Marcus Trescothick is one step closer to a return from the international wilderness after being named in England’s 30-man preliminary squad for the inaugural Twenty20 World Championships that take place in South Africa in September.
Trescothick has not been considered for England since he withdrew from the Ashes tour last November with a recurrence of the stress-related illness that had forced him home from the India trip earlier in the year. But his momentum-seizing batting was sorely missed during England’s uninspiring World Cup campaign, and the temptation to include him in the final 15 on August 11 could be overwhelming.
“As it stands nothing has been set in concrete, it’s just an opportunity for us to take our time,” Trescothick told BBC Sport. “I’m just enjoying my cricket here [at Somerset] and we’ll continue to see how it goes over the next couple of months. I can only judge between now and August 11 whether I’m fit to tour again and at this moment it’s given us an opportunity to say if I feel things have progessed we can maybe think about it.”
England’s chairman of selectors, David Graveney, said: “Marcus Trescothick is a contracted player and was named in the England Performance squad earlier this summer. We have decided to name him in this provisional squad in order to give us more flexibility should it be decided that Marcus is ready to return to international cricket before the tournament takes place.”
The Twenty20 World Championships could be the perfect way to ease Trescothick back into touring life - the trip lasts only a fortnight and while it is high-profile, the experimental nature of the format should take much of the pressure off the participants.
“We are pleased that Marcus has made a successful return to county cricket this summer and he remains a world-class opening batsman but we will not be placing undue pressure on him to make a return to international cricket without first carefully considering all the issues involved,” said Graveney. “Ultimately, we will be guided by Marcus and the ECB medical staff as to his availability and I would anticipate that further discussions will take place with him before the squad is narrowed down.”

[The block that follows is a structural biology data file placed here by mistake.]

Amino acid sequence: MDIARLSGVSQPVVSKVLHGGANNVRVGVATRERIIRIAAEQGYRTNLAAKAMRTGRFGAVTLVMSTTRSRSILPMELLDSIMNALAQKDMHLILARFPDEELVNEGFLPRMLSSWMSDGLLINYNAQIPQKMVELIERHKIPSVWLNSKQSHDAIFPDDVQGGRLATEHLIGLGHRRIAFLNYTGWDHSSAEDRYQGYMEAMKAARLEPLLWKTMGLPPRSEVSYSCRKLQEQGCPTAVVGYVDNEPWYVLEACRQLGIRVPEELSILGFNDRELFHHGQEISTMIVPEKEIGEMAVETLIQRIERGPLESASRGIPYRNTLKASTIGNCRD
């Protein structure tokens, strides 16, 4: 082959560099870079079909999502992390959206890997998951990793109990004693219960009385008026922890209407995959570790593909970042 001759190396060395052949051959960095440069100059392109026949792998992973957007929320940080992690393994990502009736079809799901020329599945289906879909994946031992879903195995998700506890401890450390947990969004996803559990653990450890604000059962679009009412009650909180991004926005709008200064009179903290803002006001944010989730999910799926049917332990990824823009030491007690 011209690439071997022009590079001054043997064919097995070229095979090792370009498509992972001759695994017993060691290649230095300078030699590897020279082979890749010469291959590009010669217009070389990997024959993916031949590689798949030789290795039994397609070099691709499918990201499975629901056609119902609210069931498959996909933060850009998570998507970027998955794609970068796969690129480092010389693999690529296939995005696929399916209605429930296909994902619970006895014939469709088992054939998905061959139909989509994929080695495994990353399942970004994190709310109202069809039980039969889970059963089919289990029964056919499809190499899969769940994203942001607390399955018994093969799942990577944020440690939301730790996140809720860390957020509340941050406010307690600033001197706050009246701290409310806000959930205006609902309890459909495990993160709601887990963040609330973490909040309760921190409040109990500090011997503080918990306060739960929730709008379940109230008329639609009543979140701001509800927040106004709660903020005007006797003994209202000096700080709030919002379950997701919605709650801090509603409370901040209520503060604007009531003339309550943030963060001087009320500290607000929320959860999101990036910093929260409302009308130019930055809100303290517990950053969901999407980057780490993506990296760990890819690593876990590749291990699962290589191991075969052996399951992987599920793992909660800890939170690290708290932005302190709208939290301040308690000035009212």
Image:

Trescothick’s recall was advocated by many this week, including his friend and former Test team-mate, Ashley Giles. “If he is ready to return, which is the most important thing, then he has to be in our Twenty20 team,” said Giles. “I think it would be a good opportunity - if he felt he was getting close - to use it as a first step back into the England team. It will be a little more relaxed, it’s not a very long trip, so let’s get him in.”
England’s selectors have cast their net wide at this stage of the deliberations, with several notable inclusions in the 30-man squad. The most remarkable is Chris Schofield, the Surrey legspinner who played two Tests for England in 2000 and was one of the first players to be awarded a central contract system. His career, however, went into freefall after that and three years ago he was released by Lancashire and faded into minor counties cricket.
He fought and won an acrimonious legal battle against his former employers, but it wasn’t until Surrey offered him a one-year contract last summer that his career got back on track. This season he took 17 wickets in eight Twenty20 matches, although it was not enough to secure them Surrey a place in next month’s semi-finals.
Darren Maddy is another man who hasn’t played internationals for seven years, although he has since made a name for himself as a Twenty20 specialist, while Paul Nixon is included as another wicketkeeping option alongside his successor in the one-day side, Matt Prior.
There are two uncapped players in the 30-man squad - Sussex’s exciting allrounder, Luke Wright, who was this season’s top run-scorer in the Twenty20 Cup, and the Essex captain, Mark Pettini. There is no place, however, for Yorkshire’s captain, Darren Gough, nor Sajid Mahmood and Ed Joyce, who toured with England this winter but have since faded from view.
Squad James Anderson (Lancashire), Ian Bell (Warwickshire), Ravi Bopara (Essex), Tim Bresnan (Yorkshire), Stuart Broad (Leicestershire), Glen Chapple (Lancashire), Paul Collingwood (Durham) (captain), Alastair Cook (Essex), Andrew Flintoff (Lancashire), James Kirtley (Sussex), Jon Lewis (Gloucestershire), Mal Loye (Lancashire), Darren Maddy (Warwickshire), Dimitri Mascarenhas (Hampshire), Paul Nixon (Leicestershire), Monty Panesar (Northamptonshire), Mark Pettini (Essex), Kevin Pietersen (Hampshire), Liam Plunkett (Durham), Matt Prior (Sussex), Chris Schofield (Surrey), Owais Shah (Middlesex), Ryan Sidebottom (Nottinghamshire), Jeremy Snape (Leicestershire), Vikram Solanki (Worcestershire), Chris Tremlett (Hampshire), Marcus Trescothick (Somerset), Jonathan Trott (Warwickshire), Luke Wright (Sussex), Michael Yardy (Sussex)
Source:Cricket NewsMore on:england, Marcus Treschothick, Twenty20
Thank you for reading this post. You can now Leave A Comment (0) or Leave A Trackback.
Post InfoThis entry was posted on Thursday, July 12th, 2007 and is filed under General, Cricket.
Previous Post: English Often Puke in Pressure »
Next Post: Murali’s six-for drives away rainy-day blues »
Read MoreRelated Reading:
- Haddin arrives with 169 as Australia rule
- Thankfully Indian Tour is Still On
- Game Should Be Binding Them
- Miandad stresses need for coaching
- Mohali emerges as alternative venue
- Zimbabwe choke again to gift Sri Lanka whitewash
- Lee floors overawed New Zealand to seal series win
- ICL players believe cricket will bind Indo-Pak together
- India’s Pakistan tour in doubt
- Hussey and Ponting set up Australia control in second Test